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Channels of Interstate Risksharing : US 1963-1990

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Author Info

  • P. Asdrubali
  • Bent E. S�rensen
  • Oved Yosha

Abstract

We develop a framework for quantifying the amount of risksharing among states in the US, and construct data which allow us to decompose a shock to gross state product into several components. For the period 1963-1990 we find that 40% of shocks to state gross domestic product are smoothed by capital markets, 14% are smoothed by the federal government, and 24% are smoothed by credit markets. The remaining 22% are not smoothed. We decompose the federal government smoothing into sub-categories: taxes, transfers, and grants to states, finding, for example, that in comparision to the tax-transfer system, the magnitude of smoothing through the grant system is small (2.7% of a shock), and that the unemployment insurance system smoothes 1.8% of a shock. Finally, we repeat the analysis for two sub-periods, finding that the amount and composition of federal government smoothing is stable through time. However, we detect an increase in the amount of capital markets smoothing, a sharp decrease in the amount of credit market smoothing, and a decrease in the overall fraction of a shock smoothed.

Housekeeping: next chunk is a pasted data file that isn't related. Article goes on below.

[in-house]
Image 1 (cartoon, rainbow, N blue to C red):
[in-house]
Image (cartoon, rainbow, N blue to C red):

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Bibliographic Info

Paper provided by Brown University, Department of Economics in its series Working Papers with number 95-13.

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Length: 27 pages
Date of creation: 1995
Date of revision:
Handle: RePEc:bro:econwp:95-13

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Postal: Department of Economics, Brown University, Providence, RI 02912

Related research

Keywords: Risk; Capital markets;

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Cited by:
  1. Akito Matsumoto & Robert P. Flood & Nancy P. Marion, 2009. "International Risk Sharing During the Globalization Era," IMF Working Papers 09/209, International Monetary Fund.
  2. Tullio Jappelli & Marco Pagano, 2008. "Financial Market Integration Under EMU," CSEF Working Papers 197, Centre for Studies in Economics and Finance (CSEF), University of Naples, Italy.
  3. Philip Lane, 1998. "International Diversification and the Irish Economy," Economics Technical Papers 9811, Trinity College Dublin, Department of Economics.
  4. Ridhwan, M.M. & Nijkamp, P. & Rietveld, P., 2008. "Regional development and monetary policy : a review of the role of monetary unions, capital mobility and locational effects," Serie Research Memoranda 0007, VU University Amsterdam, Faculty of Economics, Business Administration and Econometrics.
  5. S. Bucovetsky, 1997. "Insurance and Incentive Effects of Transfers among Regions: Equity and Efficiency," International Tax and Public Finance, Springer, vol. 4(4), pages 463-483, November.

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